How Big Is Your Business Problem?


Many people say that want more money but how many people are willing to accept all of the problems that come with it?

We ?want all of the benefits, the money, or the freedom and we don’t want all the hard work?or the problems.

Are you willing to accept that if you become a millionaire you will have a millionaire’s sized business problem too?

Do you think the business owners making more money than you have bigger problems than you do? Are you willing to take on their problems?

Problems like:

  • Taxes
  • Employee Issues
  • Debt
  • Having a bad month, or year
  • Laying people off
  • The weight of wrong decisions
  • Letting people down on a massive scale
  • Bigger fears
  • Insurance
  • Bigger projects
  • Bigger failures
  • Not controlling every part of the puzzle
  • A board of directors
  • Protecting Your Company and Legal issues
  • People wanting to sue you
  • Working more hours

Woo, that sounds fun, doesn’t it? Not all of these will happen of course but some of them will. One of the reasons why people shy away from bigger and better things is because of the unspoken problems that come with them.

We hold ourselves back in decision making and taking bold actions because of these problems.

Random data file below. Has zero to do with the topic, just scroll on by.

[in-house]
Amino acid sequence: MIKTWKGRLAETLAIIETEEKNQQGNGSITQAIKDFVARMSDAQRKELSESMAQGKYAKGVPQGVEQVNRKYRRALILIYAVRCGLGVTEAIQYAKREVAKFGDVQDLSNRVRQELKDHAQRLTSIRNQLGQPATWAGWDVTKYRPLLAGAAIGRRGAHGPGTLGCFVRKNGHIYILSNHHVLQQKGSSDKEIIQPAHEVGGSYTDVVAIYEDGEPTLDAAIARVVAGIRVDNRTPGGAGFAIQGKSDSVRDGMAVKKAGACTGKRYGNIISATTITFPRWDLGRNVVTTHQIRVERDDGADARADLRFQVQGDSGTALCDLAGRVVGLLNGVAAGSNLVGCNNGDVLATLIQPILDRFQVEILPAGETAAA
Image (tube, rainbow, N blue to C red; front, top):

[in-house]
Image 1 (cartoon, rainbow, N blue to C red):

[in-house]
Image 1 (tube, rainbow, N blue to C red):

What if you could just accept them all at once? What if you never had to hold yourself back because of the fear of problems?

Let’s start 2011 off right. It’s not necessarily about excitement or motivation. It’s about moving forward knowing there will be problems ahead.

Just say, “In 2011 I will play it bigger, and accept all of the sucky problems that will come with it!”?

There. Now you can move ahead. Being scared of all of the problems and fear of potential problems can be moved off your plate. You’ll deal with them later.

Now go out and do what you know what know you need to do to kick ass in 2011.

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Hi I’m Jaime. Each and every week I bring you the top business advice from the people who know best.

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16 responses

  • Those are scary issues, but I’d love to have to deal with them in the millionaire’s sized business! Of course, if you build your business the right away a lot can be avoided…but no one has a crystal ball.

    Anyhoo, bring on the problems (and the growth)!

  • My philosophy is if you like what you are doing as a career, you can deal with those other things. If you do not like your career, the rest does not matter.

  • I think the further you go in your career, and the bigger a business gets, the less you ‘care’ about the small issues, but rather delegate them to people who should. With the right people under you, you can focus on success.